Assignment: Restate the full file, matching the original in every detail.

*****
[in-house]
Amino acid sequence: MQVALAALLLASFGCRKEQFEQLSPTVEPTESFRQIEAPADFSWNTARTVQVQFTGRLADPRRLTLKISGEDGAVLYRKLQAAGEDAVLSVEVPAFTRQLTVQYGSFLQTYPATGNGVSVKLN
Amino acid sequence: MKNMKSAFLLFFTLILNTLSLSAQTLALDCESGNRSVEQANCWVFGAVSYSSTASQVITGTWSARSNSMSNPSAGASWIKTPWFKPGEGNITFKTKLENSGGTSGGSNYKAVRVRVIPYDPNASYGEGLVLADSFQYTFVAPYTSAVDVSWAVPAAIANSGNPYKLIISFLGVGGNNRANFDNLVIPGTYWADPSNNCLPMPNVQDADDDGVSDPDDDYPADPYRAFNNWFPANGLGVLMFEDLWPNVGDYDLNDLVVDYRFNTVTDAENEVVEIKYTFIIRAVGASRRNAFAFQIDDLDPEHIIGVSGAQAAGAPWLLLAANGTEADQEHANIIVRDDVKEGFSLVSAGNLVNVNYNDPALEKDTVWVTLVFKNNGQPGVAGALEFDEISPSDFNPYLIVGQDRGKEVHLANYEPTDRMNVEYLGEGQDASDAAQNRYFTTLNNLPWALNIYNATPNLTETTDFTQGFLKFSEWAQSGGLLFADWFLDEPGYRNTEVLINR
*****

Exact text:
[in-house]
Amino acid sequence: MQVALAALLLASFGCRKEQFEQLSPTVEPTESFRQIEAPADFSWNTARTVQVQFTGRLADPRRLTLKISGEDGAVLYRKLQAAGEDAVLSVEVPAFTRQLTVQYGSFLQTYPATGNGVSVKLN
Amino acid sequence: MKNMKSAFLLFFTLILNTLSLSAQTLALDCESGNRSVEQANCWVFGAVSYSSTASQVITGTWSARSNSMSNPSAGASWIKTPWFKPGEGNITFKTKLENSGGTSGGSNYKAVRVRVIPYDPNASYGEGLVLADSFQYTFVAPYTSAVDVSWAVPAAIANSGNPYKLIISFLGVGGNNRANFDNLVIPGTYWADPSNNCLPMPNVQDADDDGVSDPDDDYPADPYRAFNNWFPANGLGVLMFEDLWPNVGDYDLNDLVVDYRFNTVTDAENEVVEIKYTFIIRAVGASRRNAFAFQIDDLDPEHIIGVSGAQAAGAPWLLLAANGTEADQEHANIIVRDDVKEGFSLVSAGNLVNVNYNDPALEKDTVWVTLVFKNNGQPGVAGALEFDEISPSDFNPYLIVGQDRGKEVHLANYEPTDRMNVEYLGEGQDASDAAQNRYFTTLNNLPWALNIYNATPNLTETTDFTQGFLKFSEWAQSGGLLFADWFLDEPGYRNTEVLINR